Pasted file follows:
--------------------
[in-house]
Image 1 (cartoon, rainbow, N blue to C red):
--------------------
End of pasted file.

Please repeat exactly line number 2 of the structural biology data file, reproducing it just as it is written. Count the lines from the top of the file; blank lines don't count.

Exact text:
Image 1 (cartoon, rainbow, N blue to C red):